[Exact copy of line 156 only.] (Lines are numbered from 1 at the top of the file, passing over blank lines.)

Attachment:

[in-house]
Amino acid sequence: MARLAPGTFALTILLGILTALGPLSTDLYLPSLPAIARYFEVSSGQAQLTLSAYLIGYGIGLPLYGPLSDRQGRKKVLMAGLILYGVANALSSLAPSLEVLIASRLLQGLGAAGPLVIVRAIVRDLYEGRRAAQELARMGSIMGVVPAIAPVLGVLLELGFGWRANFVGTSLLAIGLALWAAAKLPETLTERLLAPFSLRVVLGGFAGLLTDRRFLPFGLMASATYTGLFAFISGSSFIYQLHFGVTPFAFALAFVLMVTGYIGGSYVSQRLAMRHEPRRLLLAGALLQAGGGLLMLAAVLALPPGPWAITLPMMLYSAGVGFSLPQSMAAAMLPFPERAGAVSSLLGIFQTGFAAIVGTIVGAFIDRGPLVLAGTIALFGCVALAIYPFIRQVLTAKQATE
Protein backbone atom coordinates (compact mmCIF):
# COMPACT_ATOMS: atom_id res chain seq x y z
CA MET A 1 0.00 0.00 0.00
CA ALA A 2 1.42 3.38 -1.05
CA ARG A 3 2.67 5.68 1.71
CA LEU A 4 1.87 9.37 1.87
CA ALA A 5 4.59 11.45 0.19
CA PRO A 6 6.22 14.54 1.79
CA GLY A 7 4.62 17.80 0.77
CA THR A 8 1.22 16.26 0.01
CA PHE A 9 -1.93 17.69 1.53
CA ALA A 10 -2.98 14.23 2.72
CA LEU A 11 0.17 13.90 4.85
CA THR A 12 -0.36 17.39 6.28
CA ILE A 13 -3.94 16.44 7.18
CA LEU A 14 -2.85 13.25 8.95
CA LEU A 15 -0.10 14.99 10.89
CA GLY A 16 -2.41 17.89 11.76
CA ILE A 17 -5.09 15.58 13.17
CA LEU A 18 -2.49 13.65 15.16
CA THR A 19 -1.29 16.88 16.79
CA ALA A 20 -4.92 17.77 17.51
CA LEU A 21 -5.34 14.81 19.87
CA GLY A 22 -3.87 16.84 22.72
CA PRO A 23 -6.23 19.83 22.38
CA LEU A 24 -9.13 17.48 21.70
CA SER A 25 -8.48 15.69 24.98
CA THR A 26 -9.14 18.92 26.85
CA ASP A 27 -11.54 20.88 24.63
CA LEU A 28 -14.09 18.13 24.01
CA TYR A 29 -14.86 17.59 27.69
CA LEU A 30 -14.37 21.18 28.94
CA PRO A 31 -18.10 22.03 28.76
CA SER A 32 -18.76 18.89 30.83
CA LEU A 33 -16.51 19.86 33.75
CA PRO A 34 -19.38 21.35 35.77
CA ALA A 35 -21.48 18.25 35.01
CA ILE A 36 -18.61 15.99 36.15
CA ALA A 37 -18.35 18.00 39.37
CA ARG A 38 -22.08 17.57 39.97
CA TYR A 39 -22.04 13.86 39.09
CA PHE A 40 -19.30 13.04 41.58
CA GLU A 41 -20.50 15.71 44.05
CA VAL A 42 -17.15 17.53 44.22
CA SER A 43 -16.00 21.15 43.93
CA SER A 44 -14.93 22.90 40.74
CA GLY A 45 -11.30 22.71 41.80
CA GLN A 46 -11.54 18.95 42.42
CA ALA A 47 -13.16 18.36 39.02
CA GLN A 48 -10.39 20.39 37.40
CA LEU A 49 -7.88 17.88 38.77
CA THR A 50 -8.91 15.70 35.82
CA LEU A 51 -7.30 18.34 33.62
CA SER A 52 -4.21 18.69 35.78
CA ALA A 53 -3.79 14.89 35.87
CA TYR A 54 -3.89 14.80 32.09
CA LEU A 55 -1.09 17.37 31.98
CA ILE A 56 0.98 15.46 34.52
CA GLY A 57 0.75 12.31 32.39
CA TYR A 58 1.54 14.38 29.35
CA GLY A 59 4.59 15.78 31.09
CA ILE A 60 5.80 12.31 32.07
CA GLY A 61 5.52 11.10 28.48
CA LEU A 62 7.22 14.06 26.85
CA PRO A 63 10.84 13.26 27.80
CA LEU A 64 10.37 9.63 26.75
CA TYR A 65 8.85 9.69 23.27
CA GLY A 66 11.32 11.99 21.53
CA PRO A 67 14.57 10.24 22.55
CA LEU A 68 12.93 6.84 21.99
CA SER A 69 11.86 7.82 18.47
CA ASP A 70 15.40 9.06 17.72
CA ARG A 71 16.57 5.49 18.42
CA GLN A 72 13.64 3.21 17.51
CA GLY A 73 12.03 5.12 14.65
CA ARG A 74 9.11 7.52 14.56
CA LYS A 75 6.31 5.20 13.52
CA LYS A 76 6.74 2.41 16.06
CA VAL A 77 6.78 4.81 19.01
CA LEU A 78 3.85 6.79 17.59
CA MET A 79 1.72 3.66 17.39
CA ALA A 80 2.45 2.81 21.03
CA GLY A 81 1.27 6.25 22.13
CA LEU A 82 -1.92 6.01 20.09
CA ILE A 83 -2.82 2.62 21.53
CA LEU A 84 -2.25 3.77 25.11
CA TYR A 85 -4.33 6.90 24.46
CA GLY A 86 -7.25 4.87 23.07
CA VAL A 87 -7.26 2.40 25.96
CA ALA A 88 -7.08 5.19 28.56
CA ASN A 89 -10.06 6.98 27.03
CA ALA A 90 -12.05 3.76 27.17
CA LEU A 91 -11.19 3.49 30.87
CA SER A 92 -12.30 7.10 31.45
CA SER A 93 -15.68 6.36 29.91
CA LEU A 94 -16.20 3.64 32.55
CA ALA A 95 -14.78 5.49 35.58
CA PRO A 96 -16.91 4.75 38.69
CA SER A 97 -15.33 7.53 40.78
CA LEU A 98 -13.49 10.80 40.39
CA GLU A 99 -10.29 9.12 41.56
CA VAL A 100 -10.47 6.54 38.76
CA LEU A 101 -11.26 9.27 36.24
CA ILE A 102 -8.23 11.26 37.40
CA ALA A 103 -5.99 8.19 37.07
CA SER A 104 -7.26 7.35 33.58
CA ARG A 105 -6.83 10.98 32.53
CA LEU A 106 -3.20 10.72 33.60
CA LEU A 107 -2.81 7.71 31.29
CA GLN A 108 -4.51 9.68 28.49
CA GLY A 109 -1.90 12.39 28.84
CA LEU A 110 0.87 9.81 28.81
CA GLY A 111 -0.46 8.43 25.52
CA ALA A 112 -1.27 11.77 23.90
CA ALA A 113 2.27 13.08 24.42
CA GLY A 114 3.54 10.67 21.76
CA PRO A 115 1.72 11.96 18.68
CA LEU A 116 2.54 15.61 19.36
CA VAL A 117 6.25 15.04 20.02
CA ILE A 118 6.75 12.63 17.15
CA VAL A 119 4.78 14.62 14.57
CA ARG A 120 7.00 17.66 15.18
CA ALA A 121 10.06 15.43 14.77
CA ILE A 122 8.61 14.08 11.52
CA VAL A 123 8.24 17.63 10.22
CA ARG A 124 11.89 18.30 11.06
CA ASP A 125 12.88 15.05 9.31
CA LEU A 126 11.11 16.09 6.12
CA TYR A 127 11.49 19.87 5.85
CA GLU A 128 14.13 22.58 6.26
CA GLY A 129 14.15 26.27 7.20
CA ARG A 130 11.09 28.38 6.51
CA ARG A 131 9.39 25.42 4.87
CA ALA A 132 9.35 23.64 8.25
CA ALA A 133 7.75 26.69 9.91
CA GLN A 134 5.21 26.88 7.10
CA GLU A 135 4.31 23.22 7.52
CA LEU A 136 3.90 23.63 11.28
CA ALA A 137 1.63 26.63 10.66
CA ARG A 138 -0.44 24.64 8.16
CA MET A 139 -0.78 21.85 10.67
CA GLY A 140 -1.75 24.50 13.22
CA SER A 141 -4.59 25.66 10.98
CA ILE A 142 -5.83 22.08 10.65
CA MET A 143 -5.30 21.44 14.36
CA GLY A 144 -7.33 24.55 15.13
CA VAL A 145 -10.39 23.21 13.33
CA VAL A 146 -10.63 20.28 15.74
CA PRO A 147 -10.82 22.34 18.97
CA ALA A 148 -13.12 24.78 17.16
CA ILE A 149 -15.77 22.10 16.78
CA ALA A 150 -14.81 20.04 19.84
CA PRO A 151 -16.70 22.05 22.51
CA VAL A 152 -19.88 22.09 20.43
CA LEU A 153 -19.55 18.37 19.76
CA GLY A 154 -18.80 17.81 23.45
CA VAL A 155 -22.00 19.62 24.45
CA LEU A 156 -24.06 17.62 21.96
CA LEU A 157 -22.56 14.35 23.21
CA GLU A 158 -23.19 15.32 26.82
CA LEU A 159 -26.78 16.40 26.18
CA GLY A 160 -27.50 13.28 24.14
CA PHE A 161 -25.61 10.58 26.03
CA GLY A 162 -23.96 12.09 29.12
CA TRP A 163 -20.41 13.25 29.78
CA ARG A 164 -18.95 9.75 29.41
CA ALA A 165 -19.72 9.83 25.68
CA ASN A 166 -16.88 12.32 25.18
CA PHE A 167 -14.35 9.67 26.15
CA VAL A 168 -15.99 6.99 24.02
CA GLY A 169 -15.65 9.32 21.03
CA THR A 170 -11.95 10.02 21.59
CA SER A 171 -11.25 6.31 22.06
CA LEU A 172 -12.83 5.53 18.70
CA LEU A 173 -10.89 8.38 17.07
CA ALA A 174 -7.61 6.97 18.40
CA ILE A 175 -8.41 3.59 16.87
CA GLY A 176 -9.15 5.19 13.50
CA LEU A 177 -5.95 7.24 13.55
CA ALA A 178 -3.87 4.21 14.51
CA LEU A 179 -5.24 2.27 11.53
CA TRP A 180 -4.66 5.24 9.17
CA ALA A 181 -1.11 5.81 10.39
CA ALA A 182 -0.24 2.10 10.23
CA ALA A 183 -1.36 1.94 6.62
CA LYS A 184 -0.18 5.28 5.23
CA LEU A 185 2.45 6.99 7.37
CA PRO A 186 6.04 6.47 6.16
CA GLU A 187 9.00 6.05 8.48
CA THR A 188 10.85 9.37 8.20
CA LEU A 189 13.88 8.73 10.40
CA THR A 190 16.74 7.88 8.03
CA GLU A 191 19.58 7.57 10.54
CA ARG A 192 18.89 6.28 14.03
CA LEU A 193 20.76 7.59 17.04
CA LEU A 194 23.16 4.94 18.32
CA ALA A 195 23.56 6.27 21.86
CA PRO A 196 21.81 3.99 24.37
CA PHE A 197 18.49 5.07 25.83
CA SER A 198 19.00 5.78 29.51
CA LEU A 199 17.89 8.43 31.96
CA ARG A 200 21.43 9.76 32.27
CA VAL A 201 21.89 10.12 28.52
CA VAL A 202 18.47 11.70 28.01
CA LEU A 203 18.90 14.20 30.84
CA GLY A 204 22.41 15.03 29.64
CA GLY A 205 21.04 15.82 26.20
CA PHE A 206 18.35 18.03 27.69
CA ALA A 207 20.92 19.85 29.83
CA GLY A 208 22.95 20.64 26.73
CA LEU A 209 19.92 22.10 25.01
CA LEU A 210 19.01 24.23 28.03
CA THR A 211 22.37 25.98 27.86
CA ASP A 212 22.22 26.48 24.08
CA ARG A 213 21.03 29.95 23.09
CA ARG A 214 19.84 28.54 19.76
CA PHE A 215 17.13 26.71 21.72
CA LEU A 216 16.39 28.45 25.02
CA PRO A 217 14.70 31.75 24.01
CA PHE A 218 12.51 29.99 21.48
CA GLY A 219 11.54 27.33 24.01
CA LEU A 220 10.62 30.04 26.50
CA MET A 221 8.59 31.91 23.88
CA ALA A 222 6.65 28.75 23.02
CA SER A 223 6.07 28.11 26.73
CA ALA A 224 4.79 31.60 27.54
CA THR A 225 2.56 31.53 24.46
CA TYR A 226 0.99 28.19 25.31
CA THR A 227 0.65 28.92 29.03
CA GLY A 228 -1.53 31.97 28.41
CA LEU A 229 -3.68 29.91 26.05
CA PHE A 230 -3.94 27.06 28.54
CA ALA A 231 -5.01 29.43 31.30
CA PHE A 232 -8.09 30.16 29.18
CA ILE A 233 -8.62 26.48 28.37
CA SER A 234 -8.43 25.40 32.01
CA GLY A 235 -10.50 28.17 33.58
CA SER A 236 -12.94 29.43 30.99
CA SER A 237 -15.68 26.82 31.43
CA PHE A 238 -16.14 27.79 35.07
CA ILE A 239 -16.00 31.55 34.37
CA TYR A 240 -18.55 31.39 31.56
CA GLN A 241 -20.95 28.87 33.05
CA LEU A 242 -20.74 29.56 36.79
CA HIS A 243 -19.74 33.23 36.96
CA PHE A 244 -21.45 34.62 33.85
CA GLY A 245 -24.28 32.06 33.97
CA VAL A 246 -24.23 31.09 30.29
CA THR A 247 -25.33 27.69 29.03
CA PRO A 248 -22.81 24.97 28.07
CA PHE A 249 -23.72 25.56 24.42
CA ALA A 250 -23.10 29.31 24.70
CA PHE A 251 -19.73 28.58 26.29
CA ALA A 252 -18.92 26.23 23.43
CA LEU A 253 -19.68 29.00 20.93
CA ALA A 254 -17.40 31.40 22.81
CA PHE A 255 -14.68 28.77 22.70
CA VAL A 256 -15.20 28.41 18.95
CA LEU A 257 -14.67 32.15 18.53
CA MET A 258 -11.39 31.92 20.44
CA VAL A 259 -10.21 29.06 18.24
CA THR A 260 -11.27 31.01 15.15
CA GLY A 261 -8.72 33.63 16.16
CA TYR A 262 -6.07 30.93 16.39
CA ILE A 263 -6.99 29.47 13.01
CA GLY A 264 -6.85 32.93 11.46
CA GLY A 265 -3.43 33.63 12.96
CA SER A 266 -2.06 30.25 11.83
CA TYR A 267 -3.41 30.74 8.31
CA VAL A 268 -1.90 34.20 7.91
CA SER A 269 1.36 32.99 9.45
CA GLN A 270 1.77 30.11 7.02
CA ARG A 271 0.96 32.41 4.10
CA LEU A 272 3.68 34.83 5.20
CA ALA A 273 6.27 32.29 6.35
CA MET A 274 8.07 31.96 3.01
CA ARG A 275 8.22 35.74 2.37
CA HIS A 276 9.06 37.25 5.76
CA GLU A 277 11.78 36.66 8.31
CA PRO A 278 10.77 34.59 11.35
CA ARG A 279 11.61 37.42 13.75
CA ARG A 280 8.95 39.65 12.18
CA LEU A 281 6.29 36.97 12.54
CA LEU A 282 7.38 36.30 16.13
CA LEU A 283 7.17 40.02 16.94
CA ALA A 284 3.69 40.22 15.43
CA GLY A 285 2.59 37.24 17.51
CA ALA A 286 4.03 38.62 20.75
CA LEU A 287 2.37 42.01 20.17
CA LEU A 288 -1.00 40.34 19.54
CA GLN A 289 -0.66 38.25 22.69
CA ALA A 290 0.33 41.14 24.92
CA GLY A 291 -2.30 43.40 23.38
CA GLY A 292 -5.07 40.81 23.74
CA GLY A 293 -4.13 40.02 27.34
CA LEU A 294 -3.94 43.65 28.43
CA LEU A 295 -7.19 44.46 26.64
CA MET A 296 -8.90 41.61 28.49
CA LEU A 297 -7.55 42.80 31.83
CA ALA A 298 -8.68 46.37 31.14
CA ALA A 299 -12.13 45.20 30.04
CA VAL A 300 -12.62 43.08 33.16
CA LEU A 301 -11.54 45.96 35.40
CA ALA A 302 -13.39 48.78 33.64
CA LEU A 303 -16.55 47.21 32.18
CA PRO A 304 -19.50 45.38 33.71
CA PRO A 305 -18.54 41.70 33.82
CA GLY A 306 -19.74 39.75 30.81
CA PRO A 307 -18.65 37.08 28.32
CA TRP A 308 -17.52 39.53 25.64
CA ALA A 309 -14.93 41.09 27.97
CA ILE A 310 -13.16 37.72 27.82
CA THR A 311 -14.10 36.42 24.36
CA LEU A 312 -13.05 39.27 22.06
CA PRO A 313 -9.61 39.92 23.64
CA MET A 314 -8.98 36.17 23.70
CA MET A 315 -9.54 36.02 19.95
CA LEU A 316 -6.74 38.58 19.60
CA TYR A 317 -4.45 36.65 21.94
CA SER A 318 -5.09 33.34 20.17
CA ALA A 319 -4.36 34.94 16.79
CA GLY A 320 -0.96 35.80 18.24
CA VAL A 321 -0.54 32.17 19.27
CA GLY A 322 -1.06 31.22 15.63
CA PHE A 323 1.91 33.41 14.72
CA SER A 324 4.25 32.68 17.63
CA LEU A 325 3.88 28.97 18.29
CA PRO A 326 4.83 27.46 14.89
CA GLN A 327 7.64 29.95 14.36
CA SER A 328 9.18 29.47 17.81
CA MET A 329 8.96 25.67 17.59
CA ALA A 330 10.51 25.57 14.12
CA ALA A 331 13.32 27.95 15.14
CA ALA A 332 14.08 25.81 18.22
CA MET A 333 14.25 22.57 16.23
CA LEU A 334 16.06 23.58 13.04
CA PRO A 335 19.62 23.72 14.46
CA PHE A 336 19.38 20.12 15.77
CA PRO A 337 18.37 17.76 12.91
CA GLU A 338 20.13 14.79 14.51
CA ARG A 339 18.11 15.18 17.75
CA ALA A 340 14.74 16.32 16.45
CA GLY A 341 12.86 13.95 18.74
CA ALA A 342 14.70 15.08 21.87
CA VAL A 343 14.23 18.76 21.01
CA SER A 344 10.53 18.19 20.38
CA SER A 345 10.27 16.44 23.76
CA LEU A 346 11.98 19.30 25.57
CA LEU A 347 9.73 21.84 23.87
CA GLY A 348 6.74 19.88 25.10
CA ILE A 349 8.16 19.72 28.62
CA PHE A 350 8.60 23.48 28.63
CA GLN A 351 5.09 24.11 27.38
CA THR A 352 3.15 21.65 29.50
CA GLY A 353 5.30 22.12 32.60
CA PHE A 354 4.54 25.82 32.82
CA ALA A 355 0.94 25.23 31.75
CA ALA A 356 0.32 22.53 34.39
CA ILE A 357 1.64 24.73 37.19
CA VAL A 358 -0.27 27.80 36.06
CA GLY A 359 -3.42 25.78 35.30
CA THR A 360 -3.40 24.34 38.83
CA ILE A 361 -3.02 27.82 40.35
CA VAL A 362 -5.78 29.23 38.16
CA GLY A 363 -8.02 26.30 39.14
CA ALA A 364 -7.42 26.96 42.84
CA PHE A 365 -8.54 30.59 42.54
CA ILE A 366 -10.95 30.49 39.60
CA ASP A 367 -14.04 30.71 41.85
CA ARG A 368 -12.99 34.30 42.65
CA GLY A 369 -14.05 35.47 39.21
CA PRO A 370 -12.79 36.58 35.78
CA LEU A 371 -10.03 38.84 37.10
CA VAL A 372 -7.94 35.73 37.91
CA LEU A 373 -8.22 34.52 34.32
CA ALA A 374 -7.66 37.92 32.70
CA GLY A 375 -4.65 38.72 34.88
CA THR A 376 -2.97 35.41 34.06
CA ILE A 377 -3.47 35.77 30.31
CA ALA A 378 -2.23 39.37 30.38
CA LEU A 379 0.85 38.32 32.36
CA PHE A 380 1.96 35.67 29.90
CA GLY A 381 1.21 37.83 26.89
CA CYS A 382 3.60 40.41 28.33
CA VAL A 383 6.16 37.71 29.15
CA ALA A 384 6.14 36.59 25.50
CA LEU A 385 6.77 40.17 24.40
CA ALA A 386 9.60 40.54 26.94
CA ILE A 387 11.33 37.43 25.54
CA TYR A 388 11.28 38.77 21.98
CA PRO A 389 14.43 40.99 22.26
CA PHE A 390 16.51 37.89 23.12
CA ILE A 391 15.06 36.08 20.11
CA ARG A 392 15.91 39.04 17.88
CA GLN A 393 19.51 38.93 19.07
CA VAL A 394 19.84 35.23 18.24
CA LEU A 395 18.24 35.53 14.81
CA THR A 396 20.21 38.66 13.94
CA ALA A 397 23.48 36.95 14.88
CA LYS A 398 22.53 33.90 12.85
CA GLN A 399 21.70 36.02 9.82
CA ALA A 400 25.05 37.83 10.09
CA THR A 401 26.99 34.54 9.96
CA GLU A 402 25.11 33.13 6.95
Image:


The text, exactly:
CA VAL A 152 -19.88 22.09 20.43